Page:Popular Science Monthly Volume 54.djvu/474

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THIS is an era of observation; in many fields and in divers countries the study of Nature from a strictly scientific standpoint is being prosecuted with results which are rapidly increasing our knowledge of the universe. This modern growth has come about as the natural rebound of the suppressed energy that has been held forcibly under subjugation during the last two thousand years, at a time when the closing echoes of the warfare between the literal interpretation of the Scriptures and science have ceased.

A review of this long battle with the forces of the Catholic and Protestant churches on the one hand, arrayed against a relatively few investigators, scattered through the last ten centuries, on the other hand, shows a record on which none can look without regret. As far as we are able to learn, there was little opposition to the study of science before the collection and translation of the old manuscripts now constituting the Alexandrian version of the Bible and the consequent upbuilding of the Jewish church. The remains of ancient Egyptian civilization show that science prior to that period, as measured by the discoveries in physics and astronomy, had attained no inconsiderable prominence; and had this people endured until the present time, uninfluenced by the strife that for many centuries racked the inhabitants of the eastern hemisphere, we should to-day be far more advanced in our understanding of the universe.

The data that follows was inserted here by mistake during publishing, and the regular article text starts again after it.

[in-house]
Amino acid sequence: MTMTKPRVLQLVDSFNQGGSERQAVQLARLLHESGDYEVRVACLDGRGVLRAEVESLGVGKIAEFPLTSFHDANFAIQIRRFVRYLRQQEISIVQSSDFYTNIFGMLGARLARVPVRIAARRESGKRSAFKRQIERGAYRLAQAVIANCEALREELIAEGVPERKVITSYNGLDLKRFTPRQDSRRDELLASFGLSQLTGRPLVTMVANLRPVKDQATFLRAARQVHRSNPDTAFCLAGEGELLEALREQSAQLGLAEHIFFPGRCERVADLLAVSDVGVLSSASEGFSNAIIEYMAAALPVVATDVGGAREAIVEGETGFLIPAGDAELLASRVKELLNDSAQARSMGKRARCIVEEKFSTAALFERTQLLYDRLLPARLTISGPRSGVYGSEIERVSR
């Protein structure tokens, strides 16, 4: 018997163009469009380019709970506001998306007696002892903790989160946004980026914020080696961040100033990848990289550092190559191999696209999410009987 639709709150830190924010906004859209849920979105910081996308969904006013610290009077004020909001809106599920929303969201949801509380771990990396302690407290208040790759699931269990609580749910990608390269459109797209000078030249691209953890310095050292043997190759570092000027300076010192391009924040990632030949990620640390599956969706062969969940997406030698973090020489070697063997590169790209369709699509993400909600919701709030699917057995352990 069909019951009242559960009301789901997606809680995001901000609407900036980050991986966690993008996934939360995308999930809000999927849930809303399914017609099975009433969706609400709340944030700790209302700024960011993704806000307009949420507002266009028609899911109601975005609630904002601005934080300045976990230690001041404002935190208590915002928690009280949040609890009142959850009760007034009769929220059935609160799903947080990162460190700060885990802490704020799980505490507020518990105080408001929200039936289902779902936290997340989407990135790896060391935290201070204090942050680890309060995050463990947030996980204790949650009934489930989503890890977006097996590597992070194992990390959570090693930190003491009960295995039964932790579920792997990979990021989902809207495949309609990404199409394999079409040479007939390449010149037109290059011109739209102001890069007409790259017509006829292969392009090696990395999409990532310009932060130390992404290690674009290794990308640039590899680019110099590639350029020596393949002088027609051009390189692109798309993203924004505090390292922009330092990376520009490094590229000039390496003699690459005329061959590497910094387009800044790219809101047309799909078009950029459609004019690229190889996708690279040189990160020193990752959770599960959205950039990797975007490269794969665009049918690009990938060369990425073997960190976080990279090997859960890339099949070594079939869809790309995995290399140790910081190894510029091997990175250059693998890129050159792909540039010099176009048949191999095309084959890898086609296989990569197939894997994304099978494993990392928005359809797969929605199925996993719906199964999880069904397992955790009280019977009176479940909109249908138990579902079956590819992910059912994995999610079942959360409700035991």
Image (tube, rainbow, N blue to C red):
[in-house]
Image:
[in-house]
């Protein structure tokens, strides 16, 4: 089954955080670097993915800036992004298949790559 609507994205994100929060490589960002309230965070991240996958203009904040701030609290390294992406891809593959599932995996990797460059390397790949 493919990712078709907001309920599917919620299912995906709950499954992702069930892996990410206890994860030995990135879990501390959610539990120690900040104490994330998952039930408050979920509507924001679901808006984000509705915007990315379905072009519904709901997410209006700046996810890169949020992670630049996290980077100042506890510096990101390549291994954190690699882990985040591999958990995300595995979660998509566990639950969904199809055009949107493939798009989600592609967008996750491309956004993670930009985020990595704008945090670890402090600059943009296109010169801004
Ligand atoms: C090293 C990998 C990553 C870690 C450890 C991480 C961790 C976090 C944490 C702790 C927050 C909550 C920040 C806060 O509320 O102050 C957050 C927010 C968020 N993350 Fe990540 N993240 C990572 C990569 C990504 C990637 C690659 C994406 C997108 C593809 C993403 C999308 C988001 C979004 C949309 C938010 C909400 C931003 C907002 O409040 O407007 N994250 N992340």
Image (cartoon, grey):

In the more progressive countries, at least, the breaking of the shackles in which the investigating mind had been imprisoned for so long has led not only to a greater number of scientific workers, but also to an increase in the fields of observation. The methods of investigation have likewise undergone a transformation. In place of deductive reasoning, even as late as a few decades in the past, conclusions and generalizations are now founded on lines of thought more largely inductive. Men of middle age are able to recall the time when even our leading institutions of learning required instruction in several branches of science to be given by one teacher. It was possible twenty-five years ago for a man of great ability to master the essentials of the leading sciences and to teach them, but under the present stimulus for investigation no one can hope to excel in more than one subject. It has thus come about that in place of the many-sided teacher of science we now have in our larger universities specialists in every subject. As the work of research progresses, the specialist—for example, in geology—is compelled by the increased scope of the information on his subject to select one branch